MONTREAL — Some small-town mayors in Quebec are warning that a decision by the Desjardins credit-union movement to shut down automated teller machines in several communities will have a devastating impact.
Denis Legare, the mayor of Notre-Dame-de-la Salette, says there will be no cash available in the western Quebec municipality when the town’s ATM is removed in mid-August.
“Cutting the cash flow and asking our merchants to drive 24 kilometres (return) every night to do their nightly deposits (in another town), is going to kill the municipality,” Legare said in an interview Tuesday.
He said the local credit union, which is located in the town hall, was opened in 1943 and is the only place where residents can do any banking.
“Most of the business out in the small towns in the country is cash business,” he said. “When you go to a farmer to buy vegetables, you have to pay cash.”
Legare added the town would like to stay with Desjardins, but that he’s already approached two banks about installing an ATM.
‘“Once a small town loses its caisse populaire (credit union) and its church, there’s nothing there,” he said. “You might as well close the door behind you and leave.”
Legare said a petition is circulating calling for a meeting to discuss the decision to yank the ATM and added a movement has begun throughout the province to try to get Desjardins to change its mind.
At least half a dozen communities in the province are facing the prospect of losing their ATM.
Louis-Georges Simard, the mayor of Riviere-Ouelle, a town in the Lower St. Lawrence region, says the banking machine in his town will be pulled out next Monday.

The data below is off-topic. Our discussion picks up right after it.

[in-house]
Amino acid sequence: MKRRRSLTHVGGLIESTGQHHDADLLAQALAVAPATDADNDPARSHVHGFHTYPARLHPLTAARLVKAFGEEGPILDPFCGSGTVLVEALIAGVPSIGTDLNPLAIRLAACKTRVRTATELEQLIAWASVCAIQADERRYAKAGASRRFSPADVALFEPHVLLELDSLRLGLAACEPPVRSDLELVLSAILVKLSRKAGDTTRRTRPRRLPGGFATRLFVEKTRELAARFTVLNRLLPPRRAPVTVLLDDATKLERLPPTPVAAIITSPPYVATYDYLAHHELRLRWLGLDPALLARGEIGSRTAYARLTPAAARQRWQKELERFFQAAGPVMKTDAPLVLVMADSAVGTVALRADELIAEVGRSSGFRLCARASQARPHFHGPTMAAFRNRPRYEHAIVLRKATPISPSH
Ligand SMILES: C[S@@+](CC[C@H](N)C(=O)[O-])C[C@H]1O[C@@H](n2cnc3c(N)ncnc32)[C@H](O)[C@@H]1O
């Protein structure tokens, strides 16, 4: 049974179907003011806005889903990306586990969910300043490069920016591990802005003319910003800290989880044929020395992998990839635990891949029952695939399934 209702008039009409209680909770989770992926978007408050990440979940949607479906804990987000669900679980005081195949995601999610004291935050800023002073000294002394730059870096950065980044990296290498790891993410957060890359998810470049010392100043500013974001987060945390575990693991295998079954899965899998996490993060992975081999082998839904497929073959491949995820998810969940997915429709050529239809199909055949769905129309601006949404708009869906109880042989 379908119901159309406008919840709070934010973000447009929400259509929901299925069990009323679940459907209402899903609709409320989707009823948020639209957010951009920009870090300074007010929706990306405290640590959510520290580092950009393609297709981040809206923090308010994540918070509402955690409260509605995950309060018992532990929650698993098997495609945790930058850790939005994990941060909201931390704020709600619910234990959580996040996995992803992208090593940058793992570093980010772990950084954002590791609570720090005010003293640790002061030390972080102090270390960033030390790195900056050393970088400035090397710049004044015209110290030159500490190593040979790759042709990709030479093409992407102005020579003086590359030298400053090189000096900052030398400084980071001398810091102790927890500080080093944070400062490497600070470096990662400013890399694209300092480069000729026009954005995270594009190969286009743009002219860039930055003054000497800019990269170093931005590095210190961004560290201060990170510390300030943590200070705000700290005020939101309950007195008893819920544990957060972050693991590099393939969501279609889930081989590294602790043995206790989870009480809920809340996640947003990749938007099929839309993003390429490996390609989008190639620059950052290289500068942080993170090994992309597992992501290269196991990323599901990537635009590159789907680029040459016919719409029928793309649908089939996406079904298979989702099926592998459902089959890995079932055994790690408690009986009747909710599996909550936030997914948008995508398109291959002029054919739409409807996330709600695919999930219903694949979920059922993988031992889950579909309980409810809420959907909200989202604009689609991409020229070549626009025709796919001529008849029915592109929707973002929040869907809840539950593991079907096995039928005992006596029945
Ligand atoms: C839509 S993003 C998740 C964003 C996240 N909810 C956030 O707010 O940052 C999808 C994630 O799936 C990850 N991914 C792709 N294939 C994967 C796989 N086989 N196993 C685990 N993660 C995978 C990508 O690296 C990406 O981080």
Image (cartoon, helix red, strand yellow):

He said that will have a big impact on many seniors in the community.
“There are older people who are used to functioning with cash, but are not used to making electronic payments and that will take time,” Simard noted.
He said while he understands technological change, Desjardins is moving too fast and he’s asking for a three-month moratorium.
“I have no problem with the fact that, in five or 10 years, there won’t be any banking machines,” he said. “But I think Desjardins is pushing too hard on the accelerator.”
Simard said people in his town are furious.
‘I was with a group at a meeting in the municipality earlier today (Tuesday) and they had a lot to say against Desjardins — but I can’t repeat the words I heard,” he added.
A Desjardins spokesman points out that any decisions to remove banking machines — or service counters — have been discussed in advance with members of the local credit union.
“Directors with the local credit union, where decisions are made, follow a normal process,” Marc Villeneuve, a regional vice-president, said in an interview Tuesday.
Villeneuve noted that Desjardins is seeing a reduction in the use of automated teller machines, as people turn to online banking.
“Today, it’s less than seven per cent of our transactions that are made at banking machines,” he said.
Villeneuve admitted it’s possible people may have to travel 10 to 12 kilometres between ATMs, “but we put machines where our members use them.”
“If there are no grocery stores, no service stations, no pharmacy or post office…when there’s nothing open in a village, it’s difficult to explain why the ATMs should be kept operating,” he added.
The company still has 2,000 ATMs in Quebec and Ontario, but says there are no plans to close those in Ontario.